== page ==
Finally another important development that followed from the Thatcher period was the reduction in taxation of top incomes. This particularly benefited high earners in the financial sector, but it also spread to most CEOs of large companies. According to Piketty, Saez and Stantcheva, this encouraged in the UK and US an explosion in executive pay, distancing the 0.01% or 0.001% of extremely rich individuals from everyone else. This involves the managers of business extracting rent from the business itself. Although this explosion happened in the 1980/90s, the cash increase in remuneration (including bonuses etc) for the median FTSE 100 CEO between 2009 and 2017 increased by 76% to £3.9 million. There are no signs of it ending. 

This meant that CEOs spoke in the interests of both the companies they ran, but also in the interests of very rich individuals like themselves. Before the 2015 UK general election, one of the main concernsof business about a possible Labour government was a potential tax on expensive homes! This helps dilute the pressure business can exert on right wing governments, if those governments make it clear that they will always stand up for the very rich. In 2017 Labour’s campaign slogan was ‘for the many not the few’, so of course the few will always support the Tory party, even when it was making life much more difficult for business. Tax cuts for the wealthy are now a key part of any Republican programme.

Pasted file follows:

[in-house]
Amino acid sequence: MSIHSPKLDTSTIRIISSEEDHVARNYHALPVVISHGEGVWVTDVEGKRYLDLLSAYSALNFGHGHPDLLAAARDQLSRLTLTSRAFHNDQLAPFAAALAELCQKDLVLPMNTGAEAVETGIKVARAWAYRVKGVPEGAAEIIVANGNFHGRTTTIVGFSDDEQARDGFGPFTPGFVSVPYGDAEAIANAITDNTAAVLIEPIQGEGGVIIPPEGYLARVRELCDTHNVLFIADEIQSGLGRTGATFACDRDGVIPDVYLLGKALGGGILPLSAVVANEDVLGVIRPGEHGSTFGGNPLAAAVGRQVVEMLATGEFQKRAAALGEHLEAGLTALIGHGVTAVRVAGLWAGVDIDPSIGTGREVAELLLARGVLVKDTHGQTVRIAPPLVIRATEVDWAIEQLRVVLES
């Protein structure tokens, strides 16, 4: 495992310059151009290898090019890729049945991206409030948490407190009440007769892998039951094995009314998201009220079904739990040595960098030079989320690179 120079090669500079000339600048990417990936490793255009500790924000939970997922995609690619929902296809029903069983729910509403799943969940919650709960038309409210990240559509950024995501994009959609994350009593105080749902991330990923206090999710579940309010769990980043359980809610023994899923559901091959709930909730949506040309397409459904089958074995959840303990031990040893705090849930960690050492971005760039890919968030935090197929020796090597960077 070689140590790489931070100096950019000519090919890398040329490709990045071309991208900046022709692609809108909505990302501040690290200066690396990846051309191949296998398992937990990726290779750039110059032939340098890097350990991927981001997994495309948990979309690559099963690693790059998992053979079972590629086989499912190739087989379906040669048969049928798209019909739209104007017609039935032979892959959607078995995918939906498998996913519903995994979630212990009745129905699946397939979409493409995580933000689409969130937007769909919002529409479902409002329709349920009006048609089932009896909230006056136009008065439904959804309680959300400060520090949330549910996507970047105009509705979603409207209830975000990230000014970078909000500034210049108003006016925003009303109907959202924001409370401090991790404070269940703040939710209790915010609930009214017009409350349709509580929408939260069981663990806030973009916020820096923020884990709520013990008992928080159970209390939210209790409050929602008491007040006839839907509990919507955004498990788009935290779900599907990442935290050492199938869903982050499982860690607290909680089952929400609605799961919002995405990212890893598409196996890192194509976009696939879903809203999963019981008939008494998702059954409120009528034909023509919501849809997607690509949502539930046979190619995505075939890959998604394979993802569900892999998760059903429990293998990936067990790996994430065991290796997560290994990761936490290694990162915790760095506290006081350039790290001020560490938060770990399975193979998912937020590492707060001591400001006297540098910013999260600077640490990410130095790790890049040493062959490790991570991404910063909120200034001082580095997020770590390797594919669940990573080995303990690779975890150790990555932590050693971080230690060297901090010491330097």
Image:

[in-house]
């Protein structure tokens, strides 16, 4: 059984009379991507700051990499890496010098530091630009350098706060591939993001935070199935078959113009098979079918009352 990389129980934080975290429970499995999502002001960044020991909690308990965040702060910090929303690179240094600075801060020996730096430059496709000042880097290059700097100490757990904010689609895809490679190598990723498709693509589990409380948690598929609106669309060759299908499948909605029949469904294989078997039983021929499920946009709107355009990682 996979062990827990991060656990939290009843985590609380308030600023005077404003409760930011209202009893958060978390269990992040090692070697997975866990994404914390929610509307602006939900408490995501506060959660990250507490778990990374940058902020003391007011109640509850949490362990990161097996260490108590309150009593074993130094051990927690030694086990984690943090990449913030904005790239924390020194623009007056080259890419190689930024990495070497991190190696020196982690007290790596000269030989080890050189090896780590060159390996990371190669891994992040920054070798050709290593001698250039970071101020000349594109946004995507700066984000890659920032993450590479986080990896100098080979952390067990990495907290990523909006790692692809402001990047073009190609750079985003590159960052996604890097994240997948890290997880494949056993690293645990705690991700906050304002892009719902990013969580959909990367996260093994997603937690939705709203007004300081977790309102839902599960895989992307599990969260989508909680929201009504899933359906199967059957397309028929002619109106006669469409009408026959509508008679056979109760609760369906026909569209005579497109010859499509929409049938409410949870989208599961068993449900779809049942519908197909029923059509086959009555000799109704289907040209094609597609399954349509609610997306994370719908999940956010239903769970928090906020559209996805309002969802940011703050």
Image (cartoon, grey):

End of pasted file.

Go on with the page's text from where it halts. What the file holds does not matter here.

In these senses neoliberalism (aka what happened during and afterThatcher and Reagan) created the conditions that helped diminish the direct influence of business on the dominant right wing party in the UK and US, and therefore for much of the time the UK and US state. This was my thinking when I wrote
Rent extractors naturally seek political defences to preserve their wealth, and the mechanisms that sets in place may not embody any sense of morality, leading to the grotesque spectacle of Republican lawmakers depriving huge numbers of health insurance to be able to cut taxes for those at the top.”

It also means that the finance any party of the right needs can come from money and those that manage business (and extract rent from it), and that can be divorced from the interests of business. This was part of my thinking in talkingof a governing plutocracy, and writing:
It is also a mistake to see this plutocracy as designed to support capital. This should again be obvious from Brexit and Trump. It is in capital’s interest to have borders open to goods and people rather than creating barriers and erecting walls.”

Could a more vocal attack on Brexit by businesses have influenced the vote? It is not clear, because everything is mediated through a largely partisan press and an 'opinions differ' broadcast media. However I think the distinction between the interests of the wealthy and domestic business is important, and goes well beyond an opposition between financial and non-financial firms.


Simon Wren-lewis
Professor of Economic Policy at the Blavatnik School of Government, Oxford University, and a fellow of Merton College. This blog is written for both economists and non-economists.

Leave a Reply

Your email address will not be published. Required fields are marked *